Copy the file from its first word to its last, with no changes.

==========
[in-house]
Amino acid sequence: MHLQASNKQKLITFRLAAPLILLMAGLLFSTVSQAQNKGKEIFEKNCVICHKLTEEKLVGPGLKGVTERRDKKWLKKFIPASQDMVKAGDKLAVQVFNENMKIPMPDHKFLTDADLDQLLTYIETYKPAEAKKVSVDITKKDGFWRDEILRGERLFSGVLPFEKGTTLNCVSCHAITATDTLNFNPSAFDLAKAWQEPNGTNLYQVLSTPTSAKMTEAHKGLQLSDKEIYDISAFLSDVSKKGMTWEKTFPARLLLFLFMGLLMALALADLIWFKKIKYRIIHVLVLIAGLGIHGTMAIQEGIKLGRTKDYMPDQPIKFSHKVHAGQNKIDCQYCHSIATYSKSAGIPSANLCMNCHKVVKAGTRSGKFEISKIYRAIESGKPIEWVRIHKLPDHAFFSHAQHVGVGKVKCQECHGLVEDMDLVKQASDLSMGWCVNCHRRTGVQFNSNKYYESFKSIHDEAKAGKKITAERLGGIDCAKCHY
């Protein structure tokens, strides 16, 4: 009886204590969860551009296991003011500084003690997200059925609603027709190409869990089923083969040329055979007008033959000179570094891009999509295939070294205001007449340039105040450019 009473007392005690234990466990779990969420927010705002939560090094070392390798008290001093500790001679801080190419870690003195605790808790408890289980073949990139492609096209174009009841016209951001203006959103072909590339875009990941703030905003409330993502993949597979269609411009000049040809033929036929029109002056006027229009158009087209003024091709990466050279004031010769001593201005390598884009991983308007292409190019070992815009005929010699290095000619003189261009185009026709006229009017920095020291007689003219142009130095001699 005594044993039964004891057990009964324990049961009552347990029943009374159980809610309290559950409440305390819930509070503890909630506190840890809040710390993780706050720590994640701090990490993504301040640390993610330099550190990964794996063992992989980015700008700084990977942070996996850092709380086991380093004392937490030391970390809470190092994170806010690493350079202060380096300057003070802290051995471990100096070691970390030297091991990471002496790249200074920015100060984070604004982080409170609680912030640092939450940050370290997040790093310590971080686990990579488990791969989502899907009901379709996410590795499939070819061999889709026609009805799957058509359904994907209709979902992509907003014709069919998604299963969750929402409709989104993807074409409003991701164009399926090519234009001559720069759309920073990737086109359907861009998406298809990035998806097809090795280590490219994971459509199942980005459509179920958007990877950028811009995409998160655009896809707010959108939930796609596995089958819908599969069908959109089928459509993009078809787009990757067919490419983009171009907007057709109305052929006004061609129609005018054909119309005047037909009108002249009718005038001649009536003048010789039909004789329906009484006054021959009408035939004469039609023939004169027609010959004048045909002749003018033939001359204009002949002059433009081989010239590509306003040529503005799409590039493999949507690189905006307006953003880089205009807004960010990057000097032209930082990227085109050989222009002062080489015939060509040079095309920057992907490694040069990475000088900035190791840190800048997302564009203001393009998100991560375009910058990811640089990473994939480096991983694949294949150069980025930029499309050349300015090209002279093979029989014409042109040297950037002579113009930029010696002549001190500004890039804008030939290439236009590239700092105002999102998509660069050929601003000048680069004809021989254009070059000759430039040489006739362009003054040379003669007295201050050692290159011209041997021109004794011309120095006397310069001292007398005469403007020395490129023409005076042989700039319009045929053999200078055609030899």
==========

[in-house]
Amino acid sequence: MHLQASNKQKLITFRLAAPLILLMAGLLFSTVSQAQNKGKEIFEKNCVICHKLTEEKLVGPGLKGVTERRDKKWLKKFIPASQDMVKAGDKLAVQVFNENMKIPMPDHKFLTDADLDQLLTYIETYKPAEAKKVSVDITKKDGFWRDEILRGERLFSGVLPFEKGTTLNCVSCHAITATDTLNFNPSAFDLAKAWQEPNGTNLYQVLSTPTSAKMTEAHKGLQLSDKEIYDISAFLSDVSKKGMTWEKTFPARLLLFLFMGLLMALALADLIWFKKIKYRIIHVLVLIAGLGIHGTMAIQEGIKLGRTKDYMPDQPIKFSHKVHAGQNKIDCQYCHSIATYSKSAGIPSANLCMNCHKVVKAGTRSGKFEISKIYRAIESGKPIEWVRIHKLPDHAFFSHAQHVGVGKVKCQECHGLVEDMDLVKQASDLSMGWCVNCHRRTGVQFNSNKYYESFKSIHDEAKAGKKITAERLGGIDCAKCHY
């Protein structure tokens, strides 16, 4: 009886204590969860551009296991003011500084003690997200059925609603027709190409869990089923083969040329055979007008033959000179570094891009999509295939070294205001007449340039105040450019 009473007392005690234990466990779990969420927010705002939560090094070392390798008290001093500790001679801080190419870690003195605790808790408890289980073949990139492609096209174009009841016209951001203006959103072909590339875009990941703030905003409330993502993949597979269609411009000049040809033929036929029109002056006027229009158009087209003024091709990466050279004031010769001593201005390598884009991983308007292409190019070992815009005929010699290095000619003189261009185009026709006229009017920095020291007689003219142009130095001699 005594044993039964004891057990009964324990049961009552347990029943009374159980809610309290559950409440305390819930509070503890909630506190840890809040710390993780706050720590994640701090990490993504301040640390993610330099550190990964794996063992992989980015700008700084990977942070996996850092709380086991380093004392937490030391970390809470190092994170806010690493350079202060380096300057003070802290051995471990100096070691970390030297091991990471002496790249200074920015100060984070604004982080409170609680912030640092939450940050370290997040790093310590971080686990990579488990791969989502899907009901379709996410590795499939070819061999889709026609009805799957058509359904994907209709979902992509907003014709069919998604299963969750929402409709989104993807074409409003991701164009399926090519234009001559720069759309920073990737086109359907861009998406298809990035998806097809090795280590490219994971459509199942980005459509179920958007990877950028811009995409998160655009896809707010959108939930796609596995089958819908599969069908959109089928459509993009078809787009990757067919490419983009171009907007057709109305052929006004061609129609005018054909119309005047037909009108002249009718005038001649009536003048010789039909004789329906009484006054021959009408035939004469039609023939004169027609010959004048045909002749003018033939001359204009002949002059433009081989010239590509306003040529503005799409590039493999949507690189905006307006953003880089205009807004960010990057000097032209930082990227085109050989222009002062080489015939060509040079095309920057992907490694040069990475000088900035190791840190800048997302564009203001393009998100991560375009910058990811640089990473994939480096991983694949294949150069980025930029499309050349300015090209002279093979029989014409042109040297950037002579113009930029010696002549001190500004890039804008030939290439236009590239700092105002999102998509660069050929601003000048680069004809021989254009070059000759430039040489006739362009003054040379003669007295201050050692290159011209041997021109004794011309120095006397310069001292007398005469403007020395490129023409005076042989700039319009045929053999200078055609030899």